Subject: Re: inter-cpu coherency and kernel data structures
To: Jason R Thorpe <>
From: Matthew Jacob <>
List: tech-smp
Date: 08/13/2000 22:52:17
I don't think you need to issue an MB if the stl_c is being used. This was the
conclusion the FreeBSD list came to after pondering whether you could use a
stl_c to avoid partial word race conditions with something like the EEPRO (it
was decided that this was okay, and that an MB after a stX_c was not needed).

That is, if you have a shared memory object, all safe readers/writers are
using some form of interlock of which the stX_c is one aspect (the CIA bridge
to memory is another aspect on, say, a PC164). So you don't have to use an MB,
because the the stX_c should guarantee that consistency.

Where's yer green book? It oughta say (although I've found it somewhat vague
on occasion).

On Sun, 13 Aug 2000, Jason R Thorpe wrote:

> Folks...
> I noticed this in the context of the Alpha port, but I think it's
> a potential issue for all MP-capable arch's.
> On the Alpha, you're supposed to issue a memory barrier to ensure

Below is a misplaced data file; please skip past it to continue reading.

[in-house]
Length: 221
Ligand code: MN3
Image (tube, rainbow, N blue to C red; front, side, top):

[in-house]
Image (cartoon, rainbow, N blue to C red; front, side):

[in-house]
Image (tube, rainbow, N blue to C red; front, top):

> that other "processors" see the changes you've made to a memory
> location -- basically, you drain the write buffer.  The "processor"
> may be an I/O device (such as a disk controller, DMA mapper, etc.)
> What I'm not entirely clear on is if this is strictly necessary for
> other CPUs on the system.  I was under the impression that this is
> necessary when I wrote the Alpha simple lock primitives, issuing
> an MB after the stl_c completed successfully.
> While doing some hacking in the pmap module, it occurred to me that
> this would be a good idea for PTEs, too.  But then I thought -- geez,
> where does it end?  Do you issue an MB after frobbing with any random
> linked list structure?  Etc.
> I would appreciate some input on this -- I haven't yet read the
> architecutre manual after thinking about this... and, indeed, it
> may not be much of an issue, if a global data structure is protected
> with locks, and those locks, when released, perform the necessary
> memory barriers...
> Anyway, I wanted to bring it up.
> -- 
>         -- Jason R. Thorpe <>